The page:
The idea and the proposal for the app was born out of a series of community workshops and a pilot program run by the Australian Multicultural Foundation, or AMF.
During the workshop participants discussed online safety and how best to monitor their children’s online usage.
The app looks at the internet itself, social media, some of the websites and apps that young people use, such as WhatsApp, Twitter and Telegram.
AMF Executive Director Hass Dellal says the workshops revealed that many parents wanted to learn how to best help their children navigate the online world.
“We felt that, look, parents are obviously anxious about the risks the internet poses and want to protect their children from the dangerous material, unwanted contact, online grooming, cyber bullying and radicalisation. And we also felt that if you wanted to deal with these issues, or these behavioural issues, or problems that may arise from the use of the internet – don’t get me wrong – it’s obviously a wonderful tool and there’s so much benefit in it but also we undoubtedly it’s necessary to be aware of some of the risks and dangers of the internet as well.”
Mr Dellal says the app aims to develop protocols, communication techniques and skills for parents, as well as practical tips such as the meaning of some of the acronyms their children use.
“There’s about a set of 80 different acronyms they use online. They’ve actually made that available for parents, you know, things like ‘POS’ meaning parent over shoulder, or ‘PIR’ parent in room. So the families are really excited about that one. That is probably the most popular section of the app, is to get hold of those acronymns!”
Somali born Australian mother Leila Sheikh has had to learn to navigate the online world of her children.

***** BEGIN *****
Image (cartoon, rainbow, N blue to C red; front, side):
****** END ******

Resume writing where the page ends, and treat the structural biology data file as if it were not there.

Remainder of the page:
She says many challenges exist but she makes it a priority to monitor her son’s usage.
“I sit with him I do my work next to them while they’re playing a game or getting access. At the same time I have a chat with them about how important it is to be aware of resources they are looking at, or if someone is bullying me to come and tell me. Show me if he is chatting with someone, who that person is and what age they are.”
Her son 12 year-old Ibrahim Abdullah welcomes his mother’s input about his internet usage.
“Yeah I think it’s a good thing because then you won’t be bad in the future and change in your attitude and if your parents help you it will help you be a better person.”
Federal eSafety Commissioner Julie Inman Grant says it’s essential that parents are engaged in their children’s online life from an early age.
“We’re now growing up with a generation of children as young as two or three swiping the IPAD and that’s the time we should start having those conversations about the digital do’s and don’ts. So if we start those conversations early and build those expectations with our kids that we are going to be engaged with their online lives then that sets them up for much more guidance and resilience in the future when they go on major social media platforms at the age of 13 and beyond, and potentially face that digital online onslaught of cyberbullying, potential sexting and image based abuse.”
The AMF says while a person’s ethnic, religious or cultural background should be a considered a strength, they’re also factors that can make young people even more vulnerable to discrimination, isolation and cyber bullying.
eSafety Commissioner, Julie Inman Grant, says it’s an issue that needs to be taken seriously.
“Unfortunately we have seen a decided lack of online civility in everyday life on social media these days. So you do see the contours of misogyny, of racism. Particularly those who are more vulnerable, we want to make sure that we are giving them the tools to not only protect their voices online but to help them promote their voices online.”